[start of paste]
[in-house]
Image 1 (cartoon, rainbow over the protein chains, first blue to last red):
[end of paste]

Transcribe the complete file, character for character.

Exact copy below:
[in-house]
Image 1 (cartoon, rainbow over the protein chains, first blue to last red):